Starring Clifford Evans, Oliver Reed, Yvonne Romain, Catherine Feller, Anthony Dawson, Josephine Llewelyn, Richard Wordsworth, Hira Talfrey, John Gabriel, Warren Mitchell, Anne Blake
Directed by Terence Fisher
Expectations: High. Loving these Hammer movies, love the werewolf character.
Hammer continues to impress with this stunning rendition of an old, tired tale. Once again they choose to go in a completely opposite direction from the classic Universal film, delivering a film that is not only better, but incredibly so. How did they manage such a feat? By following their tried and true method of focusing on the characters. The Curse of the Werewolf is not quite epic in its scope, but it does seek to present a nuanced portrayal of a life in its entirety. This is the werewolf by way of Charles Dickens, and I loved it.
The first half hour or so is dedicated solely to setting up the origin of the werewolf in question. And not just his childhood, but the series of events leading to his conception! This is the first of many wonderful strokes of genius and is easily my favorite section of the film. A beggar seeks food and drink, but is turned away by the poor townspeople as all their food reserves have been given to the Marquis for his wedding day. One of the boisterous men jokingly suggests that the beggar should go to the party and seek his handouts there. The beggar, oblivious to the joke, decides it’s a better plan than any he’s had all day and sets out down the road. I don’t want to ruin anything so I’ll stop here, but suffice it to say this is one of the best half hours I’ve ever seen in classic horror cinema. Perhaps it’s just my intense love for revenge stories and the hard extremes presented here. I can’t say for sure, but I thought it was brilliant.
Terence Fisher is clearly on top of his game here, if that wasn’t already apparent by the other films I’ve watched of his the last couple of weeks. He had a good ten years or so of directing under his belt by the time he started making horror films for Hammer and it shows. The Curse of the Werewolf is a few films after the one-two punch of The Curse of Frankenstein and Dracula, and while there aren’t any specific moments that standout on their own, the entire film is incredibly solid. This film also features what is quickly becoming a Fisher trademark to me, excellent dialogue-free sequences. Werewolf has more than any previous film I’ve seen and they all work incredibly well, selling the terror and the brooding fear to the audience with purely visual filmmaking.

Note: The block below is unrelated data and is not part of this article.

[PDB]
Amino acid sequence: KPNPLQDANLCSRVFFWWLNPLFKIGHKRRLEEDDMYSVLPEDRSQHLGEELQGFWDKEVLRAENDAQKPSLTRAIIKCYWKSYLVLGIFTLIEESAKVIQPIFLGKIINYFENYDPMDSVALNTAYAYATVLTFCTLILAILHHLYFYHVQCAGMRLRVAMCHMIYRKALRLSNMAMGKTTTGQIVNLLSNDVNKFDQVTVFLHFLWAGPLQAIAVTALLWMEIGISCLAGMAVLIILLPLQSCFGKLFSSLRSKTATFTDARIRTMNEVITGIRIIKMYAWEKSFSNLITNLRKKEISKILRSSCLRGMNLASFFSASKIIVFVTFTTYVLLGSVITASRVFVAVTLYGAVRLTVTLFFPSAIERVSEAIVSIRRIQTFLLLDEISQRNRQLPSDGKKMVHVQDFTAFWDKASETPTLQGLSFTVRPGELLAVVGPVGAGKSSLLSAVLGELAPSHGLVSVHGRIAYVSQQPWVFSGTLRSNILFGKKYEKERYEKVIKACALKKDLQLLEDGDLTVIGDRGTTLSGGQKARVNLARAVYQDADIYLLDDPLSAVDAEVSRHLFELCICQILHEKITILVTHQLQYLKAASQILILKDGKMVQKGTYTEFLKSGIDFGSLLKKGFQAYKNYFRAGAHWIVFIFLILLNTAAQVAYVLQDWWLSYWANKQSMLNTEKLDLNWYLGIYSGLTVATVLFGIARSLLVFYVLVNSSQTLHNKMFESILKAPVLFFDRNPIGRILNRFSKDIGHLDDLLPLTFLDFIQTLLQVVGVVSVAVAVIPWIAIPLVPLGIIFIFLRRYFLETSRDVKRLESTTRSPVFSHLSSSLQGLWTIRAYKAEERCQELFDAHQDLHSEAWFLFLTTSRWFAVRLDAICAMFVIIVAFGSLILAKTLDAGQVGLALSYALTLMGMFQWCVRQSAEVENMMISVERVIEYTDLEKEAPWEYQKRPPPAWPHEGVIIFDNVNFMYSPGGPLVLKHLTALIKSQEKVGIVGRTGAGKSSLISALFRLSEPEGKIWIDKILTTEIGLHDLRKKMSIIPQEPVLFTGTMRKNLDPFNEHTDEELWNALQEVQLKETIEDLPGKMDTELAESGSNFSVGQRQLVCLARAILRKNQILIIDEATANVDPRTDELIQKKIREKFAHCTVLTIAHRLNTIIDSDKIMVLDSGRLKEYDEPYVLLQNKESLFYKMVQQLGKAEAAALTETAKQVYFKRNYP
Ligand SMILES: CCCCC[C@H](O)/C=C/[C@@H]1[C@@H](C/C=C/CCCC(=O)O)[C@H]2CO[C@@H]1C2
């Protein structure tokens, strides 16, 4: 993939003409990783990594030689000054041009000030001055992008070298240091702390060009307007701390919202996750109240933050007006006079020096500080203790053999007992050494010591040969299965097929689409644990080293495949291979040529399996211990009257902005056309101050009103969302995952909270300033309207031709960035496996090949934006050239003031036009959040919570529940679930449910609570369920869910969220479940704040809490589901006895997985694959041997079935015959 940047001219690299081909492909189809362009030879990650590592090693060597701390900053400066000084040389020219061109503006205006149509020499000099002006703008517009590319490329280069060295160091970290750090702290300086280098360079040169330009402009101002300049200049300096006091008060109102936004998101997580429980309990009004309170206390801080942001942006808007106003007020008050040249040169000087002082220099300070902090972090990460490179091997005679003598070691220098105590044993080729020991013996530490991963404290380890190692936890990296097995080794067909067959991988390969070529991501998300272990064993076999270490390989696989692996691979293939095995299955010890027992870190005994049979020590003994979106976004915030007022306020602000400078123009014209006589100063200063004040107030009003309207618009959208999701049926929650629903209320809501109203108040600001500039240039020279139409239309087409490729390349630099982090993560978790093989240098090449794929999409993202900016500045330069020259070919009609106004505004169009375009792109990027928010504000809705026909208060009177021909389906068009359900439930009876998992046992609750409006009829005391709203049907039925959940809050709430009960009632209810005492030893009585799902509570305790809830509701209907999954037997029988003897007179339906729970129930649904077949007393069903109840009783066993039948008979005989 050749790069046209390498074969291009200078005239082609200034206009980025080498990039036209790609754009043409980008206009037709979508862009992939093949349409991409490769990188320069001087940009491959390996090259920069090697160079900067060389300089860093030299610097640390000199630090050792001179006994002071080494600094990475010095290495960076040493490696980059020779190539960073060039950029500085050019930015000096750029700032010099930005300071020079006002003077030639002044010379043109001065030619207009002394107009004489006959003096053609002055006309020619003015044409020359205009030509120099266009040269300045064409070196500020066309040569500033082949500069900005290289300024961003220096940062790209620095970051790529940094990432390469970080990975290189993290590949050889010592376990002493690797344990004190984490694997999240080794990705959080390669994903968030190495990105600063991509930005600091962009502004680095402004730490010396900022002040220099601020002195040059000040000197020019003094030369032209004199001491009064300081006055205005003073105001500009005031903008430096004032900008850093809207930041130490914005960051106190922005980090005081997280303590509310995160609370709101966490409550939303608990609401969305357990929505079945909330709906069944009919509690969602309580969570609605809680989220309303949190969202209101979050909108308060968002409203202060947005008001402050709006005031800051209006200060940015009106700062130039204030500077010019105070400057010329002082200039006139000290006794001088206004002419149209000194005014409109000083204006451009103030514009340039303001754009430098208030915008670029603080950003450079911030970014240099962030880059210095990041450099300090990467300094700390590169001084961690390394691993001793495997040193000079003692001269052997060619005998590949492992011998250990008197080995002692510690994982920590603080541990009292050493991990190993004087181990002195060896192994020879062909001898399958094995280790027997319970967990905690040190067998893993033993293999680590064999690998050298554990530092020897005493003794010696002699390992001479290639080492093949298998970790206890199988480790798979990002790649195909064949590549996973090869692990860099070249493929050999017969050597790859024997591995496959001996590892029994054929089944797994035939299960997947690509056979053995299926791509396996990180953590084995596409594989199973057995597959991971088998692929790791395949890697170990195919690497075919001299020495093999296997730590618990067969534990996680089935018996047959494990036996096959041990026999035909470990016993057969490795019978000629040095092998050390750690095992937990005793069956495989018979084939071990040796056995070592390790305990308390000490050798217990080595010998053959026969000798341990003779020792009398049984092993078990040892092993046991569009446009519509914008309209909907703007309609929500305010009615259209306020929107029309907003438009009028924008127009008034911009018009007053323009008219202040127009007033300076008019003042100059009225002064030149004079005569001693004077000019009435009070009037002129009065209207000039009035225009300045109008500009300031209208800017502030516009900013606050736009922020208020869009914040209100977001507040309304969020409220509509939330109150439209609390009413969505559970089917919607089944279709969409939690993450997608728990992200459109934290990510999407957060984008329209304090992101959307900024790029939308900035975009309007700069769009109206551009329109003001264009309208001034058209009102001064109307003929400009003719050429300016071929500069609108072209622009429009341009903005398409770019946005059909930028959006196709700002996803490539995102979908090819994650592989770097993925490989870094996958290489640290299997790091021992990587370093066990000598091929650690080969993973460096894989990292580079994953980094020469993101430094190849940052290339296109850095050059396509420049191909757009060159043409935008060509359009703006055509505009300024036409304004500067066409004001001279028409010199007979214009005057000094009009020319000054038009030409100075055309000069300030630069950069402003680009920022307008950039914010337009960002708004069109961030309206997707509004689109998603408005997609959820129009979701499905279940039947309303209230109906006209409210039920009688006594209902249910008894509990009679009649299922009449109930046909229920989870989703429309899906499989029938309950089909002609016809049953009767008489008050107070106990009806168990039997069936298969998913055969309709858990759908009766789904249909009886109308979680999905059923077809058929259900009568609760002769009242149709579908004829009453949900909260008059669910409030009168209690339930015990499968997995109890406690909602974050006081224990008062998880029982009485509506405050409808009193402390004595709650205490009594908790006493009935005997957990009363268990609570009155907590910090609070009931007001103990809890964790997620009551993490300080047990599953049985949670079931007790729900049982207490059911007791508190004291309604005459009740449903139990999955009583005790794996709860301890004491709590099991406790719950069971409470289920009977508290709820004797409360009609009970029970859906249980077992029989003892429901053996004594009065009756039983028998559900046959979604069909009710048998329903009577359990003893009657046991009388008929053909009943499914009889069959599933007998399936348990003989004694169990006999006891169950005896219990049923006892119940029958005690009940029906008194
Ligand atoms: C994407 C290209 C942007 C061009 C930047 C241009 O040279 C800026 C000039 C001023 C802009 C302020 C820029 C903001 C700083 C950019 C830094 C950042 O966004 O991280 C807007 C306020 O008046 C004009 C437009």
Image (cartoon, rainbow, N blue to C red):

What I find so impressive about the film’s story is its ability to succeed as a horror picture without the explicit appearance of the title monster until the final moments of the film. The key here lies in the film’s distinct difference from the classic Universal film. In The Wolf Man, Lon Chaney Jr. is bit by a werewolf and is informed of the curse by the wolf’s gypsy mother. It’s based around that “scary minority” mentality that a lot of older horror movies subscribe to. In Hammer’s The Curse of the Werewolf, the curse comes about from an accident of birth due to the evil of the privileged class and their complete disrespect of the poor. This is a much more interesting curse genesis to me, and while the specifics of it are completely unbelievable, it is incredibly watchable and engaging. It’s a movie about a guy turning into a wolf for god’s sake, I can’t take it to task for not being realistic. In any case, this curse humanizes the character, as we feel bad and care for the afflicted child even before he is born.
If I’m being critical (where’s the fun in that?), I have to mention the ridiculous child acting in the middle section of the film. The kid who plays the young Leon is bad, just laughably bad. He’s only got a few lines thankfully, helping the film move quickly through some potentially fatal acting quicksand. Also, the film is set in Spain but you’d never know it. Sure, the sets are done in mission style and they all look fantastic, but everyone speaks with the thick, English accents you’d expect from English actors. Every once in a while they throw in a “Señor” or a “Señorita” to remind you that they’re in Spain, but it only serves as an opportunity for laughs. Another stupid moment comes when Oliver Reed is supposed to be going wild and running away, but instead it looks like exactly what it is: Reed running towards the camera, flailing his arms and legs without purpose. It’s hilarious.
The Curse of the Werewolf starts off perfectly with one of the strongest openings in classic horror cinema. It definitely doesn’t hold up this level of quality throughout, but it honestly doesn’t decline by much as it moves along, making for an enjoyable, engaging film that builds itself to a rather obvious conclusion. Minor quibbles aside, The Curse of the Werewolf is a stunning example of a werewolf film and one that I will not soon forget. While this doesn’t feature any amazing transformation sequences such as the bar-setting one seen in An American Werewolf in London, it makes up for what it lacks with true heart and deep characters. I just can’t say it enough, Hammer does not disappoint.
Come back tomorrow as I take a look at the next episode from Showtime’s Masters of Horror series, the Tobe Hooper directed Dance of the Dead! And next Thursday will bring back the dead as I take a look at The Mummy from Hammer Studios!